Oman has been showing up on a lot of Where to Go Now lists, and for good reason. It’s easily accessible from Europe, it has an incredible culture, it has a unique desert landscape and it’s safe. So if it’s on your list and you’re ready to book a trip, where exactly should you go?
I’ve visited Oman twice now the past few months, the first with my 10-year-old daughter on our around-the-world trip, and the second on a photography expedition with National Geographic. I haven’t gotten everywhere, but I’ve seen enough that I can provide preliminary guidance! Here are my highlights.
There’s so much to do in Muscat that it deserves its own blog post. The new National Museum is extremely well-designed and fascinating. Be sure to check out the ancient artifacts from all around Oman including ancient stone spear points made by the first modern humans as they journeyed out of Africa. From there walk over and see Al Alam Palace – not accessible, but more colorful than just about any other building in Oman. Spend an hour exploring the Mutrah Souq and then walk along the water (the Corniche). You’ll find far more locals than tourists – always a good thing!
And explore the fishing culture a little. I enjoyed spending time in the early morning at the main fish market and at the docks as the fish were being unloaded from small fishing boats. This group of fishermen was extremely friendly and welcoming (despite a major language barrier) as they expertly extracted fish after fish from their nets. And we traveled to the nearby fishing village of Qantab twice, wandering around the town and beach, meeting locals and having dinner.
Sultan Qaboos Grand Mosque
Muscat’s Grand Mosque, the 11th largest mosque is the world, is well worth seeing. I actually enjoyed it more than Abi Dhabi’s larger, more-famous mosque, as there were fewer people and far fewer restricted areas. If you arrive early you’ll pretty much have the site to yourself. The main prayer hall is amazing with the second-largest carpet in existence and the impressive chandelier, but for me the visit was more about the architecture – the domes, arches and hallways surrounding the prayer hall. Definitely take a camera – my favorite photos from Oman are from the Mosque.
The Musandam Peninsula up north, separated from the rest of the country by a portion of UAE, is really all about one resort, the Six Senses Zighy Bay. My blog post on everything we did at Zighy Bay is here. Head to the resort for a few days of relaxation and activities, but also explore the peninsula and its canyons.
Misfat al Abreyeen (Misfat al Abrieen, Misfat al Abriyyin)
We explored three mud-brick villages around Oman, all in various states of neglect. I enjoyed Misfat al Abreyeen the most, roughly two hours from Muscat, with its passageways, stairs, views and café. Explore everywhere, but be aware that some families are still living there so try not to wander into someone’s house!
Half an hour south of Misfat al Abreyeen is Bahla Fort, a 700-year-old UNESCO Heritage Site. In any other country it would be overrun by tourists, but we only had it virtually to ourselves. I purposely included a photo below a kid playing – this is a perfect place for kids to run around and get rid of a little energy. Give yourself half an hour or so to explore, and be sure to check out the towers.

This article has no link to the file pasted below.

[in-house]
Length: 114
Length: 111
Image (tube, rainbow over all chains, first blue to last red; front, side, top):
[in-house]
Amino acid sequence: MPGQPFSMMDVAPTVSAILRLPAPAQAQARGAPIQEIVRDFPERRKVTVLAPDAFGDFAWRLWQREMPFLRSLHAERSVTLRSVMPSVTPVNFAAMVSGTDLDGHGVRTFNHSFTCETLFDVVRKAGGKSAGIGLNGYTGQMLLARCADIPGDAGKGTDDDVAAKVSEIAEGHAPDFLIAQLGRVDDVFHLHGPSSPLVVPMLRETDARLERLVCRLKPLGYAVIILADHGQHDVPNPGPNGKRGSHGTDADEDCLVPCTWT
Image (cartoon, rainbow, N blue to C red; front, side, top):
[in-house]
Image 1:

Jabreen Castle (Jabrin Fort)
Jabreen Castle is technically a fort, but really it’s closer to being a palace, with carved walls, spectacular archways and intricate details throughout. There’s even an old date cellar with bats lining the walls. It’s not as large as Bahla Fort but it’s more beautiful. Don’t miss the Sun and Moon Hall.
Al Ayn Beehive Tombs
How many places can you park, walk for 10 minutes and be at a 5000-year-old UNESCO World Heritage Site devoid of other tourists or even a ticket window? The Al Ayn Tombs are completely unprotected, which so far seems to have worked out ok since the burial chambers are still standing. The view is stunning as well.
Salalah / Dhofar Province
While there are several places in Oman that I haven’t traveled to yet, the major missing destination is Dhofar and its largest city Salalah, close to the border with Yemen. I asked my friend Maggie, who’s an expert on Oman, why people should travel there:
Where to Stay
I’ve stayed at several hotels around Oman and two stood out as exceptional.
Six Senses Zighy Bay (Musandam Peninsula)
Six Senses Zighy Bay is one of our favorite resorts in the world. First, there’s an option to paraglide in to the hotel to check in. My 10-year-old loved it! Second, the property is amazing, with a gorgeous beach, perfect sunrises, several pools, private pools at each villa, and authentically Omani architecture throughout. Third, the activities for kids and adults alike are extensive. And the food is excellent. We particularly liked the bicycles that are included with each villa (including kid-sized bikes). We went in the heat of the summer and had a great time, so don’t stay away because it’s hot. And rates are lowest in the summer anyway.
Al Bustan Palace (Muscat)
When you’re done exploring Muscat for the day, the Al Bustan Palace is a perfect oasis to retreat to. I loved the pools, the beach and the view from our room. And the lobby is the most impressive that I’ve seen anywhere in the world. I’ve been unimpressed with other Ritz Carlton properties, but this one is worthy of the name. One caveat: the food is excellent but very expensive.
Logistics / Getting Around
All of our travel was expertly coordinated by Maggie Rose, a Polish expat who knows Oman and the UAE very well. She’s at firstname.lastname@example.org. Otherwise it’s one of the easier countries to book yourself. Simply rent a car and explore. The roads are modern and in great shape.
Have you been to Oman? What did I miss?